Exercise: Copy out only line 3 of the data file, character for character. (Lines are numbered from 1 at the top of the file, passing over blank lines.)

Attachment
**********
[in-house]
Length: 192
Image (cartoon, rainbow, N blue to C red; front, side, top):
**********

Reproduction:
Image (cartoon, rainbow, N blue to C red; front, side, top):